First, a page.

The United States has evacuated its embassy in Libya, driving
its staff under heavy military guard across the border to
Tunisia because of escalating clashes between rival militias
Security in the Libyan capital has deteriorated following two
weeks of fighting between brigades of former rebel fighters
who have exchanged rocket, cannon and artillery fire in
southern Tripoli near the embassy compound.
"Security has to come first. Regrettably, we had to take this
step because the location of our embassy is in very close
proximity to intense fighting and ongoing violence between
armed Libyan factions," a US State Department spokeswoman
Marie Harf said in a statement.
F-16 fighters and Osprey aircraft had provided security
during the five-hour drive to Tunisia and there were no
The United Nations has already pulled its staff out of the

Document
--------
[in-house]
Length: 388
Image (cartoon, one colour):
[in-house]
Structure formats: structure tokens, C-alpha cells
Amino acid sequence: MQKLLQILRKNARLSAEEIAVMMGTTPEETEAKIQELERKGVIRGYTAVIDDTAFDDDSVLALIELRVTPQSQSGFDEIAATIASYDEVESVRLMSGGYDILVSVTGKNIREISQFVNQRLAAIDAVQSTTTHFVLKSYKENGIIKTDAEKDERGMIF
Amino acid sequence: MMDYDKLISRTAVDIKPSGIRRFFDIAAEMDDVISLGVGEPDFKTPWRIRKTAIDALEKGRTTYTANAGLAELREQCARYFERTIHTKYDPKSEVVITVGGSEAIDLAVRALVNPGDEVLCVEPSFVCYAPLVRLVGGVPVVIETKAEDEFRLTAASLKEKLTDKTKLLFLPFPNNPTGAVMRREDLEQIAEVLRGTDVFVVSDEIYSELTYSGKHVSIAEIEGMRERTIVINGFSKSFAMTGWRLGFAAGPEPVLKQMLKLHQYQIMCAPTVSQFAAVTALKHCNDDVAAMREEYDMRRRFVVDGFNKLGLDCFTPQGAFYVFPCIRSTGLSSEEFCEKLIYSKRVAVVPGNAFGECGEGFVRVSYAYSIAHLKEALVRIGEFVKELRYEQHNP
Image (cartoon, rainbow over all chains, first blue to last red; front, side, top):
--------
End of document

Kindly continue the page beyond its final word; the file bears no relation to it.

North African state, and Turkey has suspended its embassy
operations because of the violence in Tripoli.
Turkey has removed about 700 personnel from the country, U.S.
Secretary of State John Kerry told reporters at the U.S.
ambassador's residence in Paris before holding talks there
with Turkish and Qatari counterparts on the Middle East.
The State Department spokeswoman said staff would return to
Tripoli once it was deemed safe. Until then, embassy
operations would be conducted from elsewhere in the region
The clashes for control of Tripoli International Airport are
the latest eruption in a deepening rivalry among bands of
ex-fighters who once battled side by side against Muammar
Gaddafi, but have since turned against each other in the
scramble for control.
Since the 2011 fall of Tripoli, fighters from the western
town of Zintan and allies have controlled the area including
the international airport, while rivals loyal to the port
city of Misrata had entrenched themselves in other parts of
Heavily armed, they have sided with competing political
forces vying to shape the future of Libya in the messy
transition since the end of Gaddafi's four-decade rule.